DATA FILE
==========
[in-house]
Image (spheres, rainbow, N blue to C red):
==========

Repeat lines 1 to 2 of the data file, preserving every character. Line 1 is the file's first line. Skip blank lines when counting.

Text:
[in-house]
Image (spheres, rainbow, N blue to C red):